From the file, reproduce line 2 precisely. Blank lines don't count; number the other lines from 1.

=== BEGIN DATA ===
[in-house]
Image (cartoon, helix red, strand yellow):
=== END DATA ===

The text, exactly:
Image (cartoon, helix red, strand yellow):